Baroness ‘could still win her fight to get letting agents recognised in law’

Leading figures in the lettings industry remain confident that Baroness Hayter will continue her fight to get letting agents recognised in law as estate agents.

Last week, the Government made plain that it would not support her bid to extend the scope of the Estate Agents Act to include letting and managing agents and she withdrew her amendment.

But both ARLA and RICS said that the amendment was far from dead.

Peter Bolton King, global residential director of RICS, said that the withdrawal was purely a matter of political procedure, and Ian Potter, managing director of ARLA, said: “We are working closely with her [Baroness Hayter] behind the scenes to support her amendment.”

Lucy Morton, former ARLA president and who was personally named in the Lords’ debate last week as London’s “queen of lettings”, also expressed confidence. She said that the withdrawal of the amendment was perfectly normal, and there was still a chance it could go through.

She said: “I have for many years been advocating the regulation of lettings agents and worked with Baroness Hayter on the Property Standards Board.

“She proposed an amendment to extend the scope of the Estate Agents Act to include letting and managing agents and this was debated in the House of Lords on Wednesday. She rightly said that there is ample evidence of rogue agents in the industry and we need to find a way to ensure that these agents do not get away with it any longer.

“At the very least, all agents should have client money protection, professional indemnity insurance and sign up to a redress scheme.

“The amendment was withdrawn; however, this is very normal and generally means that it will come back in the report stage and that an amendment may still be possible.

“It never ceases to amaze me that the Government will not regulate our industry and a small amendment to include lettings agents under the Estate Agents Act would go a long way to improve standards and professionalism in our industry and put a stop to the rogues.”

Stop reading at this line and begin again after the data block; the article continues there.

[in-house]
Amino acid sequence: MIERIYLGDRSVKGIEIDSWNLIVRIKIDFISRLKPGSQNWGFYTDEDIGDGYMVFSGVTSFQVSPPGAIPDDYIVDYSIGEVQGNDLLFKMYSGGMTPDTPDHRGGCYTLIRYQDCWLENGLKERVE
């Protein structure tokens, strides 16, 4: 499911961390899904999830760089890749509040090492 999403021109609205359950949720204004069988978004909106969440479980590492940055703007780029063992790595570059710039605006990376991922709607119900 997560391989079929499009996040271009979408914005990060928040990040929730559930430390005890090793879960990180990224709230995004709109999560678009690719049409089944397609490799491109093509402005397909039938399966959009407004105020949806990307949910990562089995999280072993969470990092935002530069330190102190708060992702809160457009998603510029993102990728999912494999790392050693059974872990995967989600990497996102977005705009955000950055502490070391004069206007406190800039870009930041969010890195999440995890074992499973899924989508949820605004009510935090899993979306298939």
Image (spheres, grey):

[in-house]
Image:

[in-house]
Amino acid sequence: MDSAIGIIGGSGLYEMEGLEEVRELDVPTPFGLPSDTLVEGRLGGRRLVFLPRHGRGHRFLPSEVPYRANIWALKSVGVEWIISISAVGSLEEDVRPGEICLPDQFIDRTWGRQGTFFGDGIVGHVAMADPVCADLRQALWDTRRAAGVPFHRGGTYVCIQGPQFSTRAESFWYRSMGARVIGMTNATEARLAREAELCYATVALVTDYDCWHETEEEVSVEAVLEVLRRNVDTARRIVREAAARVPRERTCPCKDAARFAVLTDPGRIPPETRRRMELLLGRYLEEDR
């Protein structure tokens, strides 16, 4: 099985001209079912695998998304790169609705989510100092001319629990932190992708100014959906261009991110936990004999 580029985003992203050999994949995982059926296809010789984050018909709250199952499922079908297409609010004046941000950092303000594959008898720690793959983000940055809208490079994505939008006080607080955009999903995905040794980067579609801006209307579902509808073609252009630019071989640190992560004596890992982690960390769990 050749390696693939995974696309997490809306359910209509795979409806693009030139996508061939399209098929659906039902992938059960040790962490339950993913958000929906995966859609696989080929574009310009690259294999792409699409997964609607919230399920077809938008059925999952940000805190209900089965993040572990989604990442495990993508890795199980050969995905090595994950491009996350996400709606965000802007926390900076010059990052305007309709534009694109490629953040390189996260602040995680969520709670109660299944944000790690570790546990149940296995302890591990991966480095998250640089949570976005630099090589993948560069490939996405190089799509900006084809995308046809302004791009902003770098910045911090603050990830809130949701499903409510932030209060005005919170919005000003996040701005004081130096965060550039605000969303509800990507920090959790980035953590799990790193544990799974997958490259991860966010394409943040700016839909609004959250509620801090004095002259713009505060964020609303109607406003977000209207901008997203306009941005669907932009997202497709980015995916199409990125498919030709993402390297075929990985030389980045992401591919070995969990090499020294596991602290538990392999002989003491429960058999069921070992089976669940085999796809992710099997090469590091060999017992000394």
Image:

According to Hansard, Baroness Hayter herself dropped only a small hint that she would try to reintroduce the amendment at a later stage. She said, at the very end of the debate, that the support that her amendment had received gave her the confidence “if I needed it”.

The amendment drew vocal support – including from Conservative Lord Deben, the former Tory minister John Selwyn Gummer – but, speaking for the Government, BIS (the department for Business, Innovation and Skills) under-secretary Viscount Younger of Leckie made plain the Government’s unyielding stance.

He said: “While the Government acknowledge that poor practice exists in some parts of the letting sector, ministers believe that new regulation would be disproportionate and would drive some businesses from the market. This would increase costs for consumers and reduce the choice and availability of accommodation on offer to tenants.”

The Government’s opposition is despite what the baroness, and other speakers, pointed out: that in 2007, the current housing minister Mark Prisk tabled “almost identical amendments”.

In the debate, Hayter – former chair of the now defunct Property Standards Board – told fellow peers that the lettings industry is a big one, but completely unregulated. “There is ample evidence of rogue agents in this field,” she said.

Landlords and lettings agents may have nowhere to go if they wish to complain, she said, and lettings agents cannot be banned for bad practice.

She said the industry itself was behind her bid to regulate letting agents and Knight Frank had written to endorse her amendment.

She said: “This is a king-sized roll call. The industry is completely signed up to the initiative.”

She went on: “There is a major mischief at the moment as an estate agent banned by the OFT can open up the very next day as a letting agent.”

Speaking in support was Baroness Hanham, who said she would “come back with an amendment of my own about managing agents”.

Also speaking in support, Baroness Howe said the loophole should have been closed years ago.

Lord Deben said: “We must find a way to ensure that rogue letting agents do not get away with it any more. There is no argument that can be put up by BIS that can overcome the simple matter of the rights of the consumer.”

As reported in Hansard, Hayter withdrew her amendment.

* Meanwhile, the RICS has taken its lobbying campaign, aimed at reforming the private rented sector, to Westminster.

The RICS hosted a cross-party event in the House of Commons, providing an opportunity for politicians to hear from the lettings sector and to find out what change will mean for businesses and their constituents.

The Commons meeting was chaired by RICS global residential director Peter Bolton King and attended by shadow housing minister Jack Dromey.

Also in attendance was Baroness Hayter.

Housing minister Mark Prisk was not present at the meeting, but the RICS said it will continue to lobby both him and his Lords counterpart, Baroness Hanham.

Article courtesy of Letting Agent Today

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